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Friday, October 09, 2009

The dark secrets of the side of the road

The discovery of what Melanie Hall's father distressingly described as "a bag of bones" beside the M5 made me turn back to something I'd just been reading in Joe Moran's book "On Roads".
"If you're ever on the run from the law, I would strongly recommend that you hide in the motorway verges of our oldest motorways, like the M1 or M6. There is just enough room for a tent in the half-century of undergrowth and you could surely live like Stig of the Dump, undisturbed for months or years, in this uninhabited wilderness just a cone's throw from the road."
Stuck in a traffic jam on the M1 last week I was looking at what he calls "this liminal land" and wondering what kind of strange world might have taken root there over the years. The only sign of life visible from the road is the occasional hovering bird of prey. I never see them dive. It's as if they're trying to pretend they're doing something useful.

6 comments:

  1. Try a trip up the M40 and watch the bird life between junction 5 an 8. Red Kites have been reintroduced and are now prevelant in huge numbers. it's like vultures circling the Sahara

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  2. As a kid I always use to imagine you could living in the middle of big roundabouts the landscaped one with bushed and mounds looked great places to build dens.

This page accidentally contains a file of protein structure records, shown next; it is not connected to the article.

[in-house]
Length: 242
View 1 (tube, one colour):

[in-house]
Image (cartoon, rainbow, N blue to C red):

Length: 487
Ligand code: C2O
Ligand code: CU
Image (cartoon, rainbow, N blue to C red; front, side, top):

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  3. Anonymous7:29 pm

    If you haven't already read it, then take a look at 'Concrete Island' by JG Ballard; written in the mid 1970s, an architect crashes through the barrier on the newly built Westway and lives Robinson Crusoe existence, marooned just feet from busses speeding towards Heathrow.

    Adrian Woolrich-Burt

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  4. StuartM11:40 pm

    In the darker, rural parts of the motorway network, employees of the Highways Agency occasionally discover vehicles that have careered unwitnessed off the motorway and down a wooded embankment in the wee small hours. The only evidence is perhaps skid marks or some tyre marks in the grass verge. Cars and passengers seldom win in a collision with trees, and these horrific scenes can remain undiscovered for hours (or sometimes days).

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  5. Round where I live on the edge of the centre of Sheffield, the huge Park Square roundabout is densely forested in the middle and on banks rising up across the four lane carriageway towards the Park Hill Flats. Until a year or so ago, when concerted Neighbourhood watch action (involving police and community officers) cleared them out, a regularly reinforced group of homeless drug users lived in the bushes sloping down to the road. For several years everyone knew about them but no one was ever that bothered about it because they kept themselves to themselves. I once poked my head inside an opening in the bushes on the pathway running up to town and could clearly see tracks leading down to an encampment, with plastic bags and old clothing used as shelter.

    dannybrod

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  6. A recent series that was right up my street (sorry) was The Secret Life of the Motorway, narrated by Philip Glenister, especially the bit about Stott Hall Farm on my favourite motorway, the M62, which the road forks around.

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